Book Review

Share Some Kindness, Bring Some Light by Apryl Stott

Publisher: Simon & Schuster Books for Young Readers
Genre: Children’s Literature
Pages: 40
Format: Hardcover
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My Rating: 4/5 stars

Summary

This year has been exceptionally stressful. I’m not going to sugarcoat it—life has just hit every single person with a thick, hard, brick. However, in the “season of giving,” no book could be more suited to bring some light in the darkness than Apryl Stott’s Share Some Kindness, Bring Some Light. This children’s book is a perfect holiday gift or family read both because of its winter-esque imagery, but also its message. As opposed to telling the stories of typical holiday novels and children’s books, this picture book takes the reader on the journey of a young girl named Coco and her best animal friend, Bear (who is also a bear). Coco and Bear go around the woods attempting to share gifts with the other forest friends to show how kind and loving Bear is, despite his grizzly appearance. However, when this doesn’t work, Coco and Bear discover that kindness and light isn’t about tangible gifts, but continuous selfless actions for others. 

Thoughts

I remember reading Christmas stories when I was a kid at school, or seeing The Grinch and A Christmas Carol on T.V. However, I didn’t really appreciate the value of such stories because they were continuously played. However, this Christmas I wanted to revisit my childhood and longed for a story that would bring light in the darkest of years and emphasize one thing everyone needs in life—kindness.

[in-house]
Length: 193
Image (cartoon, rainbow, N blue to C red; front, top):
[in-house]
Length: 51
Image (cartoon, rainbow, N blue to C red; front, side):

For adults, this book may be simplistic—however, if you look deeper than the short script and thin pages, you’ll find characteristic artwork, a heartwarming plot, and an inspiring message. The truth is books like Share Some Kindness, Bring Some Light are not just for children because it conveys a strong message in simple language; one that is too-often forgotten. Coco and Bear could not have been more different, but they were connected by their inherent friendship. That love is what ultimately allows the other forest animals to see Bear better: it wasn’t elaborate gifts or active promotion of how good Bear was, but their actions that demonstrated Bear’s character. I appreciated this message, not only because of the tense and stressful climate of the past year, but especially because it is the holiday season. It is not about what we physically give others, but how we show respect and kindness to our family, our peers, our neighbors, and most of all to strangers.

I’m not going to tell you how this book ends, but I will note that perhaps this holiday season we can all bring light and kindness to our friends, family, strangers, and most importantly ourselves. And remember this season and as we approach the new year—“When life gets dark as winter’s night, share some kindness, bring some light.”